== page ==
What's on at QUT.
Want to work with us? See available jobs.
Email: email@example.com Phone: +61 7 3138 2000 Mon-Fri, 8.30am-5pm.
Find out more about our commitment to the AHRC's anti-racism initiative.
Our graduates run successful businesses, conduct ground-breaking research and make significant contributions to their communities.
We celebrate our alumni with annual awards for graduates and students.
Get involved with QUT by engaging with and supporting our current students.
Once you've graduated, we encourage you to keep in touch with the QUT community and your fellow alumni.
Email: firstname.lastname@example.org Phone: +61 7 3138 4778 Mon-Fri, 8.30am-5pm
Award-winning singer-songwriter and ARIA-nominated artist Kate Miller-Heidke is the 2016 QUT Alumnus of the Year.
Step-by-step guide to applying as an international student.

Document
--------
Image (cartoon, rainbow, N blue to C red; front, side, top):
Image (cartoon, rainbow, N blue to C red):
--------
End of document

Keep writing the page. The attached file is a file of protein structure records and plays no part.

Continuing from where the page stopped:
We offer scholarships for international students to help with study and living costs.
You may be able to meet with a QUT staff member or official representative in your city.
Find out more about living and studying in Brisbane.
While you're studying here, you can access a range of support services to help you adjust to life in Brisbane.
Come to QUT for one or two semesters.
Freecall: 1800 181 848 (within Australia)
Phone: +61 3 9627 4853 (outside Australia)
Subscribe for email updates
Brisbane’s newly built apartments are mostly over-glazed hot boxes that will increasingly cost more to keep cool and be uncomfortable to live in, due to poor design and a focus on “the view”.
Email: email@example.com Phone: +61 7 3138 2361
World-class education and research facilities sit alongside lifestyle, sporting and creative hubs at our campuses.
Our four libraries offer diverse collections, study spaces and free public services.
Our researchers work at specialised facilities in Brisbane and across Queensland.
Our cultural, entertainment and function venues are open to the public.
Hire one of our unique spaces for your next event.
Our Gardens Point and Kelvin Grove cultural precincts bring together outstanding facilities for the arts, heritage and science education.
You are here:
Planet Earth is now due for another ice age when glaciers will form and sea levels drop up to 120m.